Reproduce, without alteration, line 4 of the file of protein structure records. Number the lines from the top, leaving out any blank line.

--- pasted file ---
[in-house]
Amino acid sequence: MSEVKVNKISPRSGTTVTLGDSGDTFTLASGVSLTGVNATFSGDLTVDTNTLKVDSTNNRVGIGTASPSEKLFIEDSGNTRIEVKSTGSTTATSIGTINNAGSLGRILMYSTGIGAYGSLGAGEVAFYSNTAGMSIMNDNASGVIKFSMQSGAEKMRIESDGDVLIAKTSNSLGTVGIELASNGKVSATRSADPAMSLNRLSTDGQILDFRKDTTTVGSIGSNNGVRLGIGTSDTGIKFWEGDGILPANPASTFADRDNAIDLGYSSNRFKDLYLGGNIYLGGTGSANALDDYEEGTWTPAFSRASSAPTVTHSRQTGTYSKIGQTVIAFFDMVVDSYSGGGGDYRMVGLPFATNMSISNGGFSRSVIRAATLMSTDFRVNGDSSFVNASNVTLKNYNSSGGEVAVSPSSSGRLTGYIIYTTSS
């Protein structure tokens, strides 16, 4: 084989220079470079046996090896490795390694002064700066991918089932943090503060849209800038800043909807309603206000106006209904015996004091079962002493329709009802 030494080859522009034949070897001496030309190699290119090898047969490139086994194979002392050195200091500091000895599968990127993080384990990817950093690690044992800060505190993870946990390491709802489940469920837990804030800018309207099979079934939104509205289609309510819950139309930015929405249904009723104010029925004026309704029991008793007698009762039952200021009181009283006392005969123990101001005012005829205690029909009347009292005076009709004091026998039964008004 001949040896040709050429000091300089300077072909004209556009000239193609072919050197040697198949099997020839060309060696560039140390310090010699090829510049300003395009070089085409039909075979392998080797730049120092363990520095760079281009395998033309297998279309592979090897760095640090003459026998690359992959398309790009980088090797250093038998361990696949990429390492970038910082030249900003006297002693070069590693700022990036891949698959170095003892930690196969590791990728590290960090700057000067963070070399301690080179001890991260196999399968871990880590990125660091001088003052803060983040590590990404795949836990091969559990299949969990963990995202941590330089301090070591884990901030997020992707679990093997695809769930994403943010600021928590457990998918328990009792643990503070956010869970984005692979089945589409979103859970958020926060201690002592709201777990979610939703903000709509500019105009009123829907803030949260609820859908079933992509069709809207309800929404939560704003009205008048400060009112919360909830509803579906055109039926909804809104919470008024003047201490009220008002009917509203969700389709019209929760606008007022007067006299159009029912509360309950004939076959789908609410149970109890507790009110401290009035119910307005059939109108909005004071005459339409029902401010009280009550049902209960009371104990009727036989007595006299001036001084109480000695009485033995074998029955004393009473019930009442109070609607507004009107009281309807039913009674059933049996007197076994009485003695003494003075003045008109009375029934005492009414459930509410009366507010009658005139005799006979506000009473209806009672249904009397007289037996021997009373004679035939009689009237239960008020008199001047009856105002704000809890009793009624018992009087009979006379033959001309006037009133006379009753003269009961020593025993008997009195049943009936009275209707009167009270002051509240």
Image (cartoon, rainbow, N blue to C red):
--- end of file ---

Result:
Image (cartoon, rainbow, N blue to C red):